5 key trends that prove workplace
will become space as a service
By Petr Boruta, Marketing Manager of PropTech company Spaceflow which delivers the app that transforms physical buildings into a human experience.
The future workplace looks more like home, hotel, spa, social club, sports facility, gym and conference hall, all combined.
Radical changes have been made over the past 15 years in a work environment. From a space that mainly used to focus on functionality rather than employees' comfort, we moved towards fit-outs that reflect tenants' daily needs and requirements and often also please them from a design point of view. Not even BREEAM and LEED certificates can surprise anyone anymore. Nevertheless, as these revolve around the actual process of design and construction (and also operation and maintenance) and its impact on the environment, there has been missing clue how to navigate in buildings' impact on people and their well-being. That's why new WELL certificate will become the new black, I assume.
Employees are getting used to a broad range of benefits in their workplace as well as out of it: from (additional) health care to credit, from workshops and education to catered meals. Also more emphasis that is put on activities and a sufficient amount of services plays into the hands of higher and higher comfort. Merge all of these changes together and you have the ideal basis for how landlords can start to provide their space as service.
Millennials will change how we understand workplace forever.
“There is a bit of a nuclear arms race going on in New York right now (to add new technology to appeal to millennial tenants),” says Ric Clark, Brookfield's real estate head. That comes as no surprise when you consider that by 2025, millennials will form over half the world population and 75 % of its workforce, according to EY study.
“In the past, property owners invested heavily in technology tenants don't see — for example concerning energy efficiency,” Brookfield's Clark added. “But now, in a bid to appeal to millennials, technology and innovation has shifted more to front-facing, consumer-facing products.”
The shift of the investment makes only sense and one wonders why it didn't come earlier. What is the companies' most important asset? People. Where does the absolute most of companies' operating expenses go to? People. What do the companies want to keep fiercely? People.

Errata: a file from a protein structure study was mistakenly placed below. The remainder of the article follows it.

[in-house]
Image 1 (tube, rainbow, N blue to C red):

Landlords have to help the companies they are renting the space for in this endeavour. Because when people leave, the companies will soon follow. How do they do this? A tech-enabled workplace. An IT company Tieto uses an application, chips and beacons in its headquarters in Helsinki. These tools helps to organize a journey to the work and the work day, look for a free workplace and find where your colleagues are. This saves time and makes the routine more convenient.
Co-working experience. American institution The Bureau of Labor Statistics estimates that by 2020, freelancers, independent contractors and solopreneurs will constitute about 40 % of the total workforce. At the same time, Cushman & Wakefield research conducted in Asia shows that co-working memberships of enterprise clients have more than doubled over the last 12 months, while the share of freelancers and independent workers has dropped by nearly 15 % over the last 3 years. Well, actually, both of these antagonist trends play into hands of co-working. It's not only about co-working spaces sprouting though. It's about time traditional offices change their environment into more human experience.
More and more services and amenities integrated directly in offices. Infrastructure, in the form of sufficient amount of services and retail units already come as standard. What is new is that these services and amenities are integrated directly to upper floors of buildings. Restaurant, bars, juice bars, events, sports and wellness, all for to use by one tenant only. Or open to the public via an app where landlord can generate additional revenue from every order.
The future is sharing. The fact that traditional offices and hubs are getting closer to each other is not represented only by amenities and services but also by philosophy of sharing and cooperation. Even now buildings are penetrated by mobile apps that move random meeting and possible co-operation a level higher. How it works? A user publishes a demand for, let's say, the design of a website, and the application matches him directly with designers based within the same building. Carpool is another example how technology can save money and foster relations.
Multipurpose and open buildings. The future workplace looks more like home, hotel, spa, social club, sports facility, gym and conference hall, all combined. The future workplace is where people that didn't know each other become communities. The future workplace is open and vivid.
The possibility of losing tenants is not the only reason why landlords and property owners should change offices and buildings. With technology firms that started to require shorter leases, landlords and property owners might be forced to think about revenue in new ways. For dozens of years, landlords' income has depended only on rent. With integrating services and technology, they might enhance the experience and get a new stream of revenue at the same time.